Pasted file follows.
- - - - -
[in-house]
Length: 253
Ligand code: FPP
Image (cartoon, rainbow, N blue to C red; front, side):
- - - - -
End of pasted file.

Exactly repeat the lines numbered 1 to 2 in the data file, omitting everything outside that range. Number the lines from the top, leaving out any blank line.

[in-house]
Length: 253